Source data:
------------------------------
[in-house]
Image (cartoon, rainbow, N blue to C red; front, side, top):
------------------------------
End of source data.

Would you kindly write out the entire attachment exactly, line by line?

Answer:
[in-house]
Image (cartoon, rainbow, N blue to C red; front, side, top):